This is simply a specific instance of the generalized case of offsite remote access/offsite data storage, combined with what are often some of the least useful "security" measures every kludged together.
As always, evaluate what threat resources you must mitigate, what threats you wish to mitigate, and which threats you are not mitigating.
Evaluate what laws and regulations you must follow, and what best practices you wish to follow.
No Insider vs. One Insider vs. Multiple Insider
Single top end machine ($2500, outfitted optimally) vs ten ($25k) vs. a thousand ($2.5m) vs. a first world government
Realtime online attacks vs. offline attacks.
Unskilled vs. moderately skilled vs. expertly skilled
Vandalism vs. data theft vs. data theft plus vandalism
Note that your average teenage cracker is going to fall into Single top end machine, both realtime and offline attacks, moderately to expertly skilled, and whatever they feel like. At least one may well find it amusing to devote several weeks of computer power to it... and they may have friends who feel like joining them. Late teen/early twenties crackers may have access to scores of machines; we call them college computer labs, and at night, it's not difficult to get around 100 machines trying to crack a specific piece of data. 30 or more may have serious graphics cards, as well.
Then stop thinking in terms of what you'd like the threat to do or not do, and what you hope they might do or not do, and instead think in terms of what the threat can do.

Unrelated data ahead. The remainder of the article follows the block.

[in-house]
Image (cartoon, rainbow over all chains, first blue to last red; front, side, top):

As far as mobile devices with a 4 digit password, we will generously assume the following:
No Insider, Less than a single machine, offline attacks, moderately skilled.
A) Take the battery out of your phone - no remote wipe.
B) Take it out of contact range; perhaps a basement or inside a sheet metal shed - no more remote wipe even with a battery in.
C) If the data's on any standard storage, make an offline copy first (which lets them bypass any password lockout and ignore any remote or /auto-wipe with multiple bad passwords you might have).
D) If your password isn't an encryption password... they _already_ have all your data.
E) If your password is an encryption password, even trying _by hand_ at a try every 2 seconds, with 12 characters possible for each of 4 places with replacement, it's less than 12 hours.
E1) With a computer trying, the time will likely be near zero. Note that step C means the attempts will be made offline; no delay the phone itself puts in will be active (or, if computational, significant on the more powerful processor).
Yes, remote wipe is valuable; but only if you do so before an attacker gets the phone and removes the battery/wraps it in aluminum foil inside a ziplock bag inside a metal cookie tin.
Seriously: how many people are going to ask for, much less get, a wipe absolutely as soon as they realize the phone's missing? Instead of turning around to try and find where they left it, or looking around for it for a couple hours, or being embarrassed about it and not reporting it quickly, etc.?